Make perfect hummus at home with this delicious recipe, no tahini required and ready in 15 minutes.
I cook for four main reasons…
- Something quick to eat.
- To have fun with my children cooking together.
- Simply for the enjoyment of creating something delicious.
- A challenge – defeating my evil nemesis recipes that no matter how hard I try just won’t work (my current evil nemesis is Hollandaise Sauce but I will not be defeated).
Hummus falls very much into number 3. It’s a recipe that takes a little bit of effort but I alway feel really satisfied when it’s made and it tastes delicious, so it’s really worth it.
How to make hummus without tahini
One of the key ingredients of hummus is tahini, a paste made from toasted sesame seeds and oil. Unfortunately for me they don’t sell it in my local supermarket so I’ve had to find an alternative.
After trying a few different things which just weren’t giving me the right flavour, I decided to try and make my own.
You make tahini by toasting sesame seeds, grinding them to a smooth powder (using a blender, spice grinder or pestle and mortar) and then gradually adding oil until it is the right consistency. Fortunately, to make my hummus you don’t have to do all of this. You can simply add the powdered sesame seeds to your chickpeas, and add a little extra oil when making the hummus.
To peel or not to peel?
Whenever I see new hummus recipes there always seems to be some reference to whether the chickpeas should be peeled or not.
I’m on the side of peel. I really didn’t want to be and I tried several times to make the exact same recipe with the chickpea skins left on but it just wasn’t as nice. It’s not the texture, as my blender doesn’t seem to get the hummus really smooth anyway. It’s the taste. I think the skins make it taste ever so slightly more bitter. Maybe I’m just being picky, but if I’m going to the effort of making it from scratch at home then I might as well take an extra few minutes to do it the best I can.
Fortunately there’s a quick way to peel chickpeas
If you’ve ever peeled chickpeas you’ll know that it’s one of the most mindnumbingly dull jobs ever. You have to gently squeeze them to make the chickpea pop out.
Once I’d decided that peeling was the way to go, I got onto google to seek out a quick way to peel chickpeas and found this helpful little video on You Tube.
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- 4 tbsp sesame seeds
- 1 x 400g can chickpeas - preferably peeled
- 2 tbsp olive oil
- 2 tbsp rapeseed oil
- 2 tbsp cold water
- 1 clove garlic
- Juice of ½ lemon
- Place a small frying pan on a medium heat and once hot, add the sesame seeds (4 tbsp) and cook until lightly brown, shaking gently to help them brown evenly (don't overcook as that will give them a bitter flavour).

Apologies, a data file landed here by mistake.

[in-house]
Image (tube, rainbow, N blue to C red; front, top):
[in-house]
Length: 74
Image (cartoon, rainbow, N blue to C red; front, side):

- Once lightly brown, remove from the heat and grind to a fine powder using a blender, spice grinder or pestle and mortar.
- Drain and peel the chickpeas (400g can) and place into a blender with the sesame powder, olive oil (2 tbsp) and rapeseed oil (2 tbsp) and blend until smooth.
- If the hummus is a little thick then add cold water and blend until it is the desired consistency (I use 2 tbsp)
- Crush the garlic (1 clove), add the lemon juice (approx. ½ lemon) and garlic to the hummus and blend (don't add all of the lemon and garlic at once, add it gradually, taste and then add a little more to get the balance of flavour you want).
- Season with salt.
- Blend again and serve.
Any nutritional information provided is the estimated nutritional information per serving. Please refer to my guide to Charlotte’s Lively Kitchen nutritional information if you would like to learn more about how this is calculated.
I’m sharing this recipe with #RecipeOfTheWeek with A Mummy Too.
It was yummy my lovely! I have just linked to this recipe in my latest post. xx
Charlotte Oates says
Thank you x
Sorry I’ve been a bit slow saying that. I’ve gotten all behind with my blog reading and comments despite my March resolutions (ironically it was writing the post about making more time to read and comment that put me behind!).
I didn’t even know you could peel chickpeas. I want to try the trick from the video now! I’ll have to give your recipe a go. I made hummus for the first time a few months ago after seeing Vicki P.’s recipe and it was lovely!
Charlotte Oates says
I was quite skeptical about it working but I was surprised. Just make sure you give them a good rinse afterwards to get the bicarbonate of soda off.
I know I post recipes online so should expect that people might try them but I always feel a bit freaked out when they say they will, just in case I’ve written it down wrong or my taste just happens to be different to everyone else’s (especially when you’ve already tried something similar from the fabulous Vicki P!). I hope you enjoy it x
I’m sure I will! xx